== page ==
We Are All Teaching On Indigenous Land
No matter where you live, you are on Indigenous land, and you are teaching on Indigenous land. These stories, too often forgotten, are so important to tell. Words like “manifest destiny,” “settler colonialism,” and “genocide” are thrown around in English and History classes across the country, but students need specific examples to truly understand the stories and impacts of these national trends. The U.S.-Dakota War and other conflicts between Indigenous nations and the United States offer an in-depth study of cause and effect, perspective and problem-solving, and the complexities of collective memory and reconciliation.
In class, it’s common to read books and watch films about the Holocaust and genocides abroad, but we must also turn our focus inward and examine the past of the places we live and teach. Whether it’s the Pequot massacre in New England, the Wounded Knee Massacre in the Midwest, or the Trail of Tears in the Southeast, there are important stories of the genocide that defines our American history in every region of the country. As the Right continues its efforts to try to keep educators from teaching this history honestly, it’s imperative that we continue to learn and teach about these tragic events.
In teaching about tragedy, however, we must also hone in on resistance. As the 38 Dakota men were marched to the gallows 160 years ago, they did not go quietly. One of the prisoners said, “Do not mourn for us. Remember this day to tell our children, so they can tell their children that we have died a noble death.” Just like the Dakota chiefs that made the impossibly hard decision to fight the atrocities they saw before them, Indigenous Americans today continue to resist neocolonialism, treaty violations, and environmental destruction while fighting for a better livelihood for their nation. These stories of resistance – both past and present – can offer our students of all backgrounds a roadmap for resistance and an image of hope.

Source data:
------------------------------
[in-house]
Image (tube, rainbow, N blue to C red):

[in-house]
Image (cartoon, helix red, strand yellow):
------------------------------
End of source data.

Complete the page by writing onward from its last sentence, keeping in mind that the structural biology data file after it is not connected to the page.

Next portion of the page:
Kristen Sinicariello is currently in her seventh year of teaching at a high school in Minneapolis, Minnesota. As a Social Studies teacher, she is passionate about taking a diverse approach to history while helping students unpack bias in a rapidly changing world. Before stepping into the classroom, Kristen spent time as an outdoor educator and wilderness guide, and continues to find most of her opportunities for learning and personal growth in the outdoors. Currently she also keeps busy as a girls soccer coach, a union communications leader, and a Social Justice Club supervisor.